Before you start shopping, it may help to set a budget. Drones can range in price from $100 to more than $1,000. While the higher-priced drones do offer advanced features, if you’re just looking to have a little fun, you may be fine with a more basic model.

DYWM Fun Fact

The Federal Aviation Administration is the government body responsible for regulating drones. According to the rules, you’ll need to register your done and be sure to keep it below 400 feet off the ground. You’re also not allowed to fly over stadiums, large groups, events or anywhere near emergencies (which seems like it should be a no-brainer!). Laws can vary from one jurisdiction to the next, so check before you start flying. In addition to legal concerns, there are also some privacy issues associated with drones. If you’re flying your camera-equipped drone over neighbors’ homes, for instance, you may find you get complaints, especially if they’re trying to enjoy some private time in their own back yard. You may even get into legal hot water if you’re posting photos and video of your neighbors online without their permission.

The Drone Buying Guide

  • Before purchasing a drone, consider your skill and commitment level. Some are labeled “ready to fly,” meaning they require very little or no special training to use. Others are designed for more advanced users.
  • Another factor to consider when it comes to drones is portability and design, especially if you’re short on storage space at home or plan on taking it with you on a trip and won’t have a lot of room. The DJI Mavic Air folds up, with the thumbsticks able to be stored under the arms that hold your phone. The DJI Spark, on the other hand, doesn’t fold easily but is so small and lightweight, it’s still fairly portable. The only issue is that the arms don’t fold into its body, so you may worry about breaking the rotors if you don’t transport it in its carrying case. The DJI Phantom 4 Pro is even less portable, since the landing gear and camera are attached to the body, making it not collapsible.
  • Because drones operate using a battery, it’s important to consider battery life when making a purchasing decision. The majority of consumer drones have a battery life between 5 and 25 minutes. Many drone users recommend purchasing spare batteries and having them charged up before you start flying so you can easily swap out the extras. The DJ Mavic Air flies a little longer than usual without a charge, at 15 to 18 minutes. The DJI Spark has a shorter flying time between charges and, unfortunately, charging time takes a while, so be prepared to be patient.
  • The most popular type of drone among recreational users is a multirotor drone. A drone with three rotors is known as a tricopter, while a drone with four rotors (an extremely popular model) is called a quadcopter.
  • Other types of drones include fixed-wing drones and single rotor helicopters.
  • Depending on what you plan to use your new drone for, you’ll also want to consider the payload of various models. Some are equipped to carry heavier payloads than others. This may be an important factor if you’re considering using your drone for something like aerial photography or videography.
  • One of the biggest issues with drones is maneuverability. If it’s a windy day, you need a drone that isn’t going to be easily blown around. The DJI Mavic Air holds its own against all but the strongest wind gusts, while many other drones struggle even in the lightest breezes. Best of all, if it’s too windy, you’ll get a warning in the app.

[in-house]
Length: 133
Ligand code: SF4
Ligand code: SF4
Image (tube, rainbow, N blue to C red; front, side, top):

• If you’re new to drones, you may prefer the Holy Stone F181W. The joysticks aren’t quite as sensitive to sudden movements, so it’s a great model to help you learn to navigate. Another model to consider as a newbie is the DJI Spark, which has intelligent flight modes to help you gain confidence in avoiding obstacles. It will also return to home and land itself if you can’t.
  • For some, aerial photography is the primary reason for purchasing a drone. If photography is your goal, you’ll likely veer toward the DJI Phantom 4 Pro, which shoots smooth 4K video. The DJI Mavic Air also excels in this area, offering 4K images and UHD-quality video. It also has a wider-angle lens that can more easily capture landscapes.
  • The DJI drones have gimbals, which hold the camera in place for a smoother shot. This is especially important if you plan to be capturing video during even moderately windy conditions.
  • As advanced as drones are, they do have their limitations. If you think you’ll feel the need to zip through the air, you may want to steer toward the DJI Mavic Air, which boasts speeds of up to 42 mph. But the DJ Phantom 4 Pro has a sport mode that lets you go fairly fast. You may find your drone a little harder to control at these speeds, though.
  • Unless you plan to just fly your drone in your living room, you’ll need a decent range for your drone-to-remote connection. DJI Spark includes an app that offers 720p live view on your smartphone or tablet, but that will only work for up to 109 yards. You can buy a separate remote control that will keep your video going at ranges of up to 1.24 miles.
  • As you’re flying your drone around, you’ll occasionally encounter obstacles like trees and telephone poles. Instead of relying solely on the app, with some drones you have the built-in safety of obstacle detection and avoidance. DJI’s drones excel in this area, with the DJI Phantom 4 Pro offering five-direction avoidance. The DJI Mavic Air has avoidance, but it doesn’t cover your drone from the sides or top. DJI Spark has Active Track mode, which automatically detects obstacles and tracks them. However, it’s not foolproof. In many instances you’ll find that drones are only able to see things in front of the drone.
  • Drone pilots rely heavily on the remote. The DJI Mavic Air gives you an app that you can use to adjust exposure, shutter speed and other factors. The DJI Phantom 4 Pro has an easy-to-use app, but if you want a touchscreen controller instead, it will be a $300 add on.
  • The DJI Spark offers gesture controls, which can make navigating easier. However, this feature can be bug-prone, with the app not always recognizing you.
  • If you’re planning to shoot video to share with friends, DJI’s app makes it easy to both edit and share the video you’ve just captured on social media. There are also built-in filters and templates to add that special touch.
  • Price may be one of the biggest differentiators among drones. At the high end of pricing is the DJI Phantom 4 Pro, which retails in the $1,000 range. The DJ Mavic Air is also quite pricey, at more than $700. You can get the DJ Spark for less than $500, though. The Holy Stone’s low price is another reason this model is good for beginners, since it ranges around $100.